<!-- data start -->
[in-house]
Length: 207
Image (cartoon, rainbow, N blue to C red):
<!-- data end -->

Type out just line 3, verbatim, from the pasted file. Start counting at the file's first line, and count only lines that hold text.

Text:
Image (cartoon, rainbow, N blue to C red):